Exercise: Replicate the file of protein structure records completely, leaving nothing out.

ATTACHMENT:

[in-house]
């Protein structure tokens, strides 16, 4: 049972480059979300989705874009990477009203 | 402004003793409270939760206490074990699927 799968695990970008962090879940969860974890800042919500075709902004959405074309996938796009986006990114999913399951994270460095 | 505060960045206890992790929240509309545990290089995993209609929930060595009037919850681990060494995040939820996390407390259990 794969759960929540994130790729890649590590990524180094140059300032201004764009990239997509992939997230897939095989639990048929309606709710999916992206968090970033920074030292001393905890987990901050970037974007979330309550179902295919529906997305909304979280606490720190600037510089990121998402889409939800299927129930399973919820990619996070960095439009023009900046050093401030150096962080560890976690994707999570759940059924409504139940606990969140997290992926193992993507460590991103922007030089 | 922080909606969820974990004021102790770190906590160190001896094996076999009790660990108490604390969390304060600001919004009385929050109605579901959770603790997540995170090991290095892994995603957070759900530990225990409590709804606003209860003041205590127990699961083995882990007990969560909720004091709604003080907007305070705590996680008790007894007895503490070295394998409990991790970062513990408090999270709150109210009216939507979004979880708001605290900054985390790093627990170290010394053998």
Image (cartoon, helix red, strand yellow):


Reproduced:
[in-house]
């Protein structure tokens, strides 16, 4: 049972480059979300989705874009990477009203 | 402004003793409270939760206490074990699927 799968695990970008962090879940969860974890800042919500075709902004959405074309996938796009986006990114999913399951994270460095 | 505060960045206890992790929240509309545990290089995993209609929930060595009037919850681990060494995040939820996390407390259990 794969759960929540994130790729890649590590990524180094140059300032201004764009990239997509992939997230897939095989639990048929309606709710999916992206968090970033920074030292001393905890987990901050970037974007979330309550179902295919529906997305909304979280606490720190600037510089990121998402889409939800299927129930399973919820990619996070960095439009023009900046050093401030150096962080560890976690994707999570759940059924409504139940606990969140997290992926193992993507460590991103922007030089 | 922080909606969820974990004021102790770190906590160190001896094996076999009790660990108490604390969390304060600001919004009385929050109605579901959770603790997540995170090991290095892994995603957070759900530990225990409590709804606003209860003041205590127990699961083995882990007990969560909720004091709604003080907007305070705590996680008790007894007895503490070295394998409990991790970062513990408090999270709150109210009216939507979004979880708001605290900054985390790093627990170290010394053998």
Image (cartoon, helix red, strand yellow):